Investigators used the Molecular Twin platform to analyze blood and tissue samples from 74 patients with the most common and most aggressive pancreatic cancer type, pancreatic ductal adenocarcinoma. The disease begins in the cells lining ducts that carry digestive enzymes from the pancreas to the small intestine.

Investigators first combined 6,363 different biological data points, including genetic and molecular information, to create a model that accurately predicted disease survival in 87% of patients. The team then used AI to streamline the data and create a model that performed nearly as well with just 589 points of data. Zeroing in even further, investigators determined that proteins found in the blood were the best single predictor of pancreatic cancer survival.

The full and streamlined models, and the blood-protein test, outperformed the only Food and Drug Administration-approved pancreatic cancer test, a blood test called CA 19-9. The findings were validated in independent datasets from The Cancer Genome Atlas, Massachusetts General Hospital and Johns Hopkins University.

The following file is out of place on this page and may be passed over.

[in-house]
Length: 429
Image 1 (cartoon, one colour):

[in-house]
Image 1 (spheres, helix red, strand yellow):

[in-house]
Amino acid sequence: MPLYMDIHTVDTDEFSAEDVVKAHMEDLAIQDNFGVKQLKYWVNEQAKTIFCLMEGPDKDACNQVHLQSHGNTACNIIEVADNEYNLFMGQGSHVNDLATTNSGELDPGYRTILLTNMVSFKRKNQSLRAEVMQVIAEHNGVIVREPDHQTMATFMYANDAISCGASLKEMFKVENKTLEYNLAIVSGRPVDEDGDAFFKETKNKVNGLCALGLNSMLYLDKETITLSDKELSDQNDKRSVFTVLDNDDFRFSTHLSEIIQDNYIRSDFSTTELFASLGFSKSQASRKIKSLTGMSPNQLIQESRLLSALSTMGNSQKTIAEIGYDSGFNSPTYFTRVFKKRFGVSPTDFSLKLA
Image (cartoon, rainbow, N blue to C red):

The Molecular Twin platform was launched by Cedars-Sinai in 2021, said Arsen Osipov, MD, assistant professor of Medicine, program lead in the Pancreatic Cancer Multidisciplinary Clinic and Precision Medicine Program at Cedars-Sinai Cancer, and first author of the study.

“There’s a huge unmet need for the development of biomarkers to guide our treatment of pancreatic cancer,” Osipov said. “We had already undertaken a comprehensive collection of blood and tissue samples from patients with pancreatic cancer, and this gave us a good opportunity to test the Molecular Twin platform. As we grow the platform with more patients, Molecular Twin will become an even more robust tool, not just in pancreatic cancer, but across all cancers.”